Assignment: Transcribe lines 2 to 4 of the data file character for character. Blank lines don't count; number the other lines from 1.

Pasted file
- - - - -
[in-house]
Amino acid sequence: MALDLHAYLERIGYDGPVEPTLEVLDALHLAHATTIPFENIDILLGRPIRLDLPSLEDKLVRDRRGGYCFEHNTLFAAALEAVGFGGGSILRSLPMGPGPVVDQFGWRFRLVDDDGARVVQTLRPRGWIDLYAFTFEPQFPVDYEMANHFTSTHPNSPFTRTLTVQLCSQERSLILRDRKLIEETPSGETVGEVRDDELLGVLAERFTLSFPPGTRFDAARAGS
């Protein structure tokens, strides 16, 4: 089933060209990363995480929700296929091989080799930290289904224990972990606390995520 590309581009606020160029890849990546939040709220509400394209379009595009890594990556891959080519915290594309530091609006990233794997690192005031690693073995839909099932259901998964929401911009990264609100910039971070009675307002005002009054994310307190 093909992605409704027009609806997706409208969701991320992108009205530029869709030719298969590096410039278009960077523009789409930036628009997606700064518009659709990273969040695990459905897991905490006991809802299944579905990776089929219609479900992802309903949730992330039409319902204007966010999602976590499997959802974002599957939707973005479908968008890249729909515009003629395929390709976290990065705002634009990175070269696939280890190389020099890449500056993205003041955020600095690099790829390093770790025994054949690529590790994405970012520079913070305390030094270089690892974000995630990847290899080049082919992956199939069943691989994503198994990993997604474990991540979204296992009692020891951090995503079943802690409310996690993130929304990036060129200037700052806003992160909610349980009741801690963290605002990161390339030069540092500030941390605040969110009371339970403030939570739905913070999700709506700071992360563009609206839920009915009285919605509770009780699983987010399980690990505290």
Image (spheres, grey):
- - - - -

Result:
Amino acid sequence: MALDLHAYLERIGYDGPVEPTLEVLDALHLAHATTIPFENIDILLGRPIRLDLPSLEDKLVRDRRGGYCFEHNTLFAAALEAVGFGGGSILRSLPMGPGPVVDQFGWRFRLVDDDGARVVQTLRPRGWIDLYAFTFEPQFPVDYEMANHFTSTHPNSPFTRTLTVQLCSQERSLILRDRKLIEETPSGETVGEVRDDELLGVLAERFTLSFPPGTRFDAARAGS
């Protein structure tokens, strides 16, 4: 089933060209990363995480929700296929091989080799930290289904224990972990606390995520 590309581009606020160029890849990546939040709220509400394209379009595009890594990556891959080519915290594309530091609006990233794997690192005031690693073995839909099932259901998964929401911009990264609100910039971070009675307002005002009054994310307190 093909992605409704027009609806997706409208969701991320992108009205530029869709030719298969590096410039278009960077523009789409930036628009997606700064518009659709990273969040695990459905897991905490006991809802299944579905990776089929219609479900992802309903949730992330039409319902204007966010999602976590499997959802974002599957939707973005479908968008890249729909515009003629395929390709976290990065705002634009990175070269696939280890190389020099890449500056993205003041955020600095690099790829390093770790025994054949690529590790994405970012520079913070305390030094270089690892974000995630990847290899080049082919992956199939069943691989994503198994990993997604474990991540979204296992009692020891951090995503079943802690409310996690993130929304990036060129200037700052806003992160909610349980009741801690963290605002990161390339030069540092500030941390605040969110009371339970403030939570739905913070999700709506700071992360563009609206839920009915009285919605509770009780699983987010399980690990505290």
Image (spheres, grey):